Dürer has provided us with a fascinating glimpse of another time. We view a helmet from three different angles. This is the helmet used with a suit of armour, a metal suit worn by warriors for combat or jousting (combat sport) purposes. The helmet's design is quite complicated, therefore the variety of angles gives the viewer a good view. Such helmets are not worn today, therefore this drawing provides a good opportunity to get a glimpse of this item. The style of the helmet in the drawing is known as a 'frogmouth helmet', or in the German language 'stechhelm'. This was worn during jousting tournaments rather than in combat. It was specially designed to protect the eyes. This project gives Dürer the opportunity to show off his drawing skills.
As we see the image of the helmet we can appreciate it from various angles. It's not an easy image to draw, hence the study from different sides. This work was created in 1503. Dürer is known for his paintings, for which he used watercolours. He is also known for his engravings or woodcuts. This particular work was executed with a pen. It is spare and concise, it flows with skill and grace. Dürer was not only an artist. He can also be considered a highly skilled craftsman. Like the other great Renaissance artists, he considered his art in a scientific and methodical way and paid particular attention to proportions and calculations. His body of work brings the 16th century alive for the audience of today. We get not only the scriptural insights but the insights of Dürer's time and place.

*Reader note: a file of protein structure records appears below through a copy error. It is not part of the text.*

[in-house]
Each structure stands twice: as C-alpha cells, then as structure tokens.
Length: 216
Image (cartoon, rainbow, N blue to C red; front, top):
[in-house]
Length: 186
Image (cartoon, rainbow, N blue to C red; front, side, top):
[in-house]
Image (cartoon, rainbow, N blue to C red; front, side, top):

Anything scriptural that he painted was reproduced securely in his time and place. He often painted the background scenes in his city of residence, so what we usually see is a picture set in Biblical times that brings 16th century Germany vividly alive for us. Now most of us today would never have witnessed a jousting tournament. Apart from seeing a suit of armour in a museum, we would never have had the opportunity to see a knight's helmet at such close quarters, nor the opportunity to examine it. For this, we must thank Albrecht Dürer.